Q: What is it like teaching music online?

Josh: It’s a unique challenge. In some ways it opens up the potential for more interactive learning for students, and access to online resources and music. On the other hand, audio/visual delays caused by the internet make live interaction nearly impossible, particularly when playing a song together. It’s also important to note the accessibility the internet provides to those who otherwise would struggle to leave the house, but also the wall it puts up for those who don’t have access to computers or internet connection.

Q: Do you prefer teaching music in person?

Josh: Absolutely. I can’t wait to come back to the studio, as well as we’ve been able to adapt to the change, the importance of face to face interaction in music lessons is immeasurable.

Q: How are your students going with it?

Josh: My students have all risen to the challenge of adapting to the differences in learning at home instead of the studio.  This of course adds extra distractions to the lesson, which can slow things down a fair bit, but most students are more than willing to listen with patience and care, whilst we sort it out.

Q: Are some instruments easier to teach online than others?

Josh: Singing, in particular, has unique challenges for teaching online – latency issues are far greater, and tone and quality are naturally diminished by bandwidth limits. Guitar, in some cases, is actually easier to teach online! The use of the camera allows for more directed learning. I can point the neck of the guitar right at the camera and show a student exactly what they need to be looking at, for example.

Q: How are you going as a musician at this time? Studying, working?J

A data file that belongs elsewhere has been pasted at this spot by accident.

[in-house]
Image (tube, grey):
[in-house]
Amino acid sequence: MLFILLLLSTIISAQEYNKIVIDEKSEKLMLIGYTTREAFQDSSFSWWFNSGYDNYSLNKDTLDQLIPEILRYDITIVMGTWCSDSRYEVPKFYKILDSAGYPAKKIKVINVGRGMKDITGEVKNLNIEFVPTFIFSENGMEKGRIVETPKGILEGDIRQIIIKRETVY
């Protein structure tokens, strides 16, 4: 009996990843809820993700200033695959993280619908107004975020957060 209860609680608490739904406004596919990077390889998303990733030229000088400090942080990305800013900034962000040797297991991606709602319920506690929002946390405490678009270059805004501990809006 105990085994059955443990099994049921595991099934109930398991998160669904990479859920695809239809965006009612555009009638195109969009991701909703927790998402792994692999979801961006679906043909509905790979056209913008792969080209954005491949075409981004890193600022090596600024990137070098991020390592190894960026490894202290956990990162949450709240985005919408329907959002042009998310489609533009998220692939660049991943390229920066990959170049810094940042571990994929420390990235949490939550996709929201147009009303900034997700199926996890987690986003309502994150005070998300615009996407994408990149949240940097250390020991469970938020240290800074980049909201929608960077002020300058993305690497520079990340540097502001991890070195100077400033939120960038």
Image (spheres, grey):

Josh: I’m currently studying Interactive Composition at VCA. It’s definitely been a diminished learning experience, but nonetheless still enriching and engaging. I’ve also been working on my own personal solo projects. In particular, I’ve been slowly releasing an album of ambient electronic works.

Q: Have you worked out ways of playing online, with friends, in bands? 

Josh: Part of my class has involved figuring out how answer this very question. In a way, yes we have, but as mentioned above, there’s always the limitation of internet latency and its effect on rhythm. This means we’re mostly focusing on collaborating on long-form, drone-like pieces. Apart from that, I’ve been sending out recordings to musicians I want to work with, and slowly developing pieces via correspondence.

Q: Have you done any online performances?

Josh: I haven’t been performing very much, but I do have a ‘live’ pre-recorded concert coming up this Friday, as part of my course! Details have yet to be formally announced, but I’ll let you know when that changes!

Q: How well have you been able to adapt? 

Josh: Personally, I’m a bit of a homebody. It’s been nice not having to worry about public transport timetables, waking up in time for breakfast, or if I’ve showered recently. On the other hand, I do really miss the community. Music is my favourite way to communicate, and without it, I feel less whole. It’s a trade-off, of course, and I’m lucky that my family and friends have been safe and healthy throughout the situation, so I don’t begrudge the necessity for closures. Still, I cannot wait to return to work, to learning, to life, and to playing.